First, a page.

From Afghanistan to Venezuela and Mozambique to Mali acute hunger is projected to rise steeply in many world regions, but especially heavily in Africa, says the World Hunger Hotspots report issued by the Food and Agriculture Organization of the United Nations, FAO, released this week. “Over 34 million people are grappling with emergency levels of acute hunger (IPC4)– meaning they are one step away from starvation - across the world,” says FAO.
South Sudan, Burkina Faso, Yemen, and parts of Northern Nigeria are reported as the most precarious but acute hunger is set to soar in over 20 countries, warns the report, though 16m Yemenis and 7m South Sudanese are expected to face high levels of acute food insecurity by June.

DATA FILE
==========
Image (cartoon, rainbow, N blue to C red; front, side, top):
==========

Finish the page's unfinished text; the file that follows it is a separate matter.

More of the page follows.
Conflict, violence, the Covid pandemic, climate extremes, la Niña-driven weather, Desert Locust outbreaks, and increasingly constrained access in some countries are listed by FAO as the factors driving the crisis.
The risk of famine conditions is driven by already highly vulnerable populations, severe malnutrition, rising displacement, and the deteriorating economic situation, says FAO, reporting that a combination of humanitarian food assistance, cash, and emergency livelihood interventions is urgently necessary.
By Milan Sime Martinic